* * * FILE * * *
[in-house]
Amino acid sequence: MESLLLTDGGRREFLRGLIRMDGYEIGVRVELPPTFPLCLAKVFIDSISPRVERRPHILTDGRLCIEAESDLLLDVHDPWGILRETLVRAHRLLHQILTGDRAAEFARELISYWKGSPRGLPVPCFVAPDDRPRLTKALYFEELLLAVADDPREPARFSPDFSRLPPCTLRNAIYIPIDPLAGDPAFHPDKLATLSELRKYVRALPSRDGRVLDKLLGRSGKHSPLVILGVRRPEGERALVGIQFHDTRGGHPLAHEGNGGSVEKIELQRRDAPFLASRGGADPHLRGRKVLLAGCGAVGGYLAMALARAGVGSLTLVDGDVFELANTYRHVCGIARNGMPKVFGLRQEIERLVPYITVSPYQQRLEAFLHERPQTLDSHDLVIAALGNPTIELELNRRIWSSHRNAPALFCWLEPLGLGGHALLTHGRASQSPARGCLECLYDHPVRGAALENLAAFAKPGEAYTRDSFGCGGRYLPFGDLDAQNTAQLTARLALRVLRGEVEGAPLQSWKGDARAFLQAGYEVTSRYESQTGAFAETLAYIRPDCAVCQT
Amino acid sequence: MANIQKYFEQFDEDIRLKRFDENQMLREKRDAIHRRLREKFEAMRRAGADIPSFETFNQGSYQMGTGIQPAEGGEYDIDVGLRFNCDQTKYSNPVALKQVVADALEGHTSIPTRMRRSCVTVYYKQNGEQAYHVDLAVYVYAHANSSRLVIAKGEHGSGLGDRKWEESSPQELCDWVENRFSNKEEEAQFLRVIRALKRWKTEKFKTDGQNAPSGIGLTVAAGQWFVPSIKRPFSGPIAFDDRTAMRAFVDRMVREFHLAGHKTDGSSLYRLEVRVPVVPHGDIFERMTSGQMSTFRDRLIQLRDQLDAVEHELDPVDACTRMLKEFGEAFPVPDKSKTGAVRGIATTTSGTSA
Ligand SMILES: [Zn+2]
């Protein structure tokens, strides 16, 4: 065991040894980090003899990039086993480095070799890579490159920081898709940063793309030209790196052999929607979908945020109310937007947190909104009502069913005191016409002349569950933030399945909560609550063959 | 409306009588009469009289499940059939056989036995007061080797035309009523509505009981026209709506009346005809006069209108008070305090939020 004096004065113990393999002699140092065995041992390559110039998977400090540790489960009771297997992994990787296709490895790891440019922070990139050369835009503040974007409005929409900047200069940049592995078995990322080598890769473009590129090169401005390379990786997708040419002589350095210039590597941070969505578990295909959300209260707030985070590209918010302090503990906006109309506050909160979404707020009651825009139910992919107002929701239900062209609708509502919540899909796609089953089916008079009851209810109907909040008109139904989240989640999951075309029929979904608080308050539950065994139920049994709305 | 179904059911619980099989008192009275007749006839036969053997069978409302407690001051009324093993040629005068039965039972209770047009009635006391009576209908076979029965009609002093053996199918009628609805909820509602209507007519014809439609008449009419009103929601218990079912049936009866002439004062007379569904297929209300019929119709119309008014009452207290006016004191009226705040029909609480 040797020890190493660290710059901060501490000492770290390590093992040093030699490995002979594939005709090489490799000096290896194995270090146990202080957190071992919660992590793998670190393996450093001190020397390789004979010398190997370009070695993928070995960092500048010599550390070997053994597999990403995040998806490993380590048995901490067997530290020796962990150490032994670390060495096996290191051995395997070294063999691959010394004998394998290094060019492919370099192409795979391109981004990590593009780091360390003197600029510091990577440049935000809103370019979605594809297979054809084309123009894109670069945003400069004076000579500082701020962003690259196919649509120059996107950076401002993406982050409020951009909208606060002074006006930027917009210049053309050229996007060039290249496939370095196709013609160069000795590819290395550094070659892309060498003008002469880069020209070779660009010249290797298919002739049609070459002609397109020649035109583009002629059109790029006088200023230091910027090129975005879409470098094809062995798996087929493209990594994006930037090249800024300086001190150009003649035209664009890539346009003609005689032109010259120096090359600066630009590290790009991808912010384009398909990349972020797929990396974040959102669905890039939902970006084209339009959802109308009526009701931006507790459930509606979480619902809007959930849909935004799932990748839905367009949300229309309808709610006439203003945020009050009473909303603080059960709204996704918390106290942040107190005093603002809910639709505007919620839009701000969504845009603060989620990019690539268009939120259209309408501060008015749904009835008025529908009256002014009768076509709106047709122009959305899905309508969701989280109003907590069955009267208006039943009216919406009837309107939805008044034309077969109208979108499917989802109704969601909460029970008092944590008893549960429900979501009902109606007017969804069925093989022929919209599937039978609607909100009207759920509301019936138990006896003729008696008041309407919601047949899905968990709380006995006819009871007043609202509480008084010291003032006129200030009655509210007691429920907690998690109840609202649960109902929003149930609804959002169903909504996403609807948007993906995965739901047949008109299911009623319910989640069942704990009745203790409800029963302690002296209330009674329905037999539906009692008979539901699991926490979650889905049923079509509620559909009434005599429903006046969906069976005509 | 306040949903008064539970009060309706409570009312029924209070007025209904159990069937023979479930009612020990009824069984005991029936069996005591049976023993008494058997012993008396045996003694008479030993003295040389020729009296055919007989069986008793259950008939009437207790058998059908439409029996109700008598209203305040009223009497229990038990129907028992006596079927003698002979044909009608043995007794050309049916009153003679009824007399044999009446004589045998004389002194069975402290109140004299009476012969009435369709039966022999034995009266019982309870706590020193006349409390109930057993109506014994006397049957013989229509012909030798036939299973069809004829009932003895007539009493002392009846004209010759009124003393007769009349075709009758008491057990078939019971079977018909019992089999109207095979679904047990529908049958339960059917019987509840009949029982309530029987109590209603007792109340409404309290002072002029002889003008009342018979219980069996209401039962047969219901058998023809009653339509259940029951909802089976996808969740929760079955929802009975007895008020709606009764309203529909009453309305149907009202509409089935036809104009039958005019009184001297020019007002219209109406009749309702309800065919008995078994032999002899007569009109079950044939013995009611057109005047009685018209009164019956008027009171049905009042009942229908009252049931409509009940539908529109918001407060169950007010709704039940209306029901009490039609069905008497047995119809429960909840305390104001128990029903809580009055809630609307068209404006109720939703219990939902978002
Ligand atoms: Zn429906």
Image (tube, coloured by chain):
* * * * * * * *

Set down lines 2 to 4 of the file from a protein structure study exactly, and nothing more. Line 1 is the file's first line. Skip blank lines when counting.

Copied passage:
Amino acid sequence: MESLLLTDGGRREFLRGLIRMDGYEIGVRVELPPTFPLCLAKVFIDSISPRVERRPHILTDGRLCIEAESDLLLDVHDPWGILRETLVRAHRLLHQILTGDRAAEFARELISYWKGSPRGLPVPCFVAPDDRPRLTKALYFEELLLAVADDPREPARFSPDFSRLPPCTLRNAIYIPIDPLAGDPAFHPDKLATLSELRKYVRALPSRDGRVLDKLLGRSGKHSPLVILGVRRPEGERALVGIQFHDTRGGHPLAHEGNGGSVEKIELQRRDAPFLASRGGADPHLRGRKVLLAGCGAVGGYLAMALARAGVGSLTLVDGDVFELANTYRHVCGIARNGMPKVFGLRQEIERLVPYITVSPYQQRLEAFLHERPQTLDSHDLVIAALGNPTIELELNRRIWSSHRNAPALFCWLEPLGLGGHALLTHGRASQSPARGCLECLYDHPVRGAALENLAAFAKPGEAYTRDSFGCGGRYLPFGDLDAQNTAQLTARLALRVLRGEVEGAPLQSWKGDARAFLQAGYEVTSRYESQTGAFAETLAYIRPDCAVCQT
Amino acid sequence: MANIQKYFEQFDEDIRLKRFDENQMLREKRDAIHRRLREKFEAMRRAGADIPSFETFNQGSYQMGTGIQPAEGGEYDIDVGLRFNCDQTKYSNPVALKQVVADALEGHTSIPTRMRRSCVTVYYKQNGEQAYHVDLAVYVYAHANSSRLVIAKGEHGSGLGDRKWEESSPQELCDWVENRFSNKEEEAQFLRVIRALKRWKTEKFKTDGQNAPSGIGLTVAAGQWFVPSIKRPFSGPIAFDDRTAMRAFVDRMVREFHLAGHKTDGSSLYRLEVRVPVVPHGDIFERMTSGQMSTFRDRLIQLRDQLDAVEHELDPVDACTRMLKEFGEAFPVPDKSKTGAVRGIATTTSGTSA
Ligand SMILES: [Zn+2]